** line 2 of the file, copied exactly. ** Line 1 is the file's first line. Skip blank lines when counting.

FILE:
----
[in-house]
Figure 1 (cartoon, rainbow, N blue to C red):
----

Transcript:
Figure 1 (cartoon, rainbow, N blue to C red):